Section 7 of the Sherman Act, as amended by section 4 of the Clayton Act, gives a private right of action for treble damages to persons injured "in . . .business or property by reason of anything forbidden in the antitrust laws. . . ." The lucrative possibilities of this section for plaintiffs and their attorneys have recently received sufficient notoriety to arouse curiosity concerning the legal doctrines involved.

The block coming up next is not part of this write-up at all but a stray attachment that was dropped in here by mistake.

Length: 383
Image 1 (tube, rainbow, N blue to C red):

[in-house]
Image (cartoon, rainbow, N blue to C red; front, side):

The purposes of the section have been said to include compensation for those affected by violations, prevention of violations, and assistance for the government in discovering and bringing before the courts persons who have violated the law. In practice the last purpose has hardly been achieved, since private suits generally are not brought until the government wins a suit against a violator, after which the private plaintiff can not only take advantage of section 5 of the Clayton Act, but can also rely on the successful legal theory developed in the governments case. The great complexity and expense of antitrust cases seem to prevent any pioneering in the field by private plaintiffs, the proof of which is that the landmark cases in recent times have not been treble damage suits.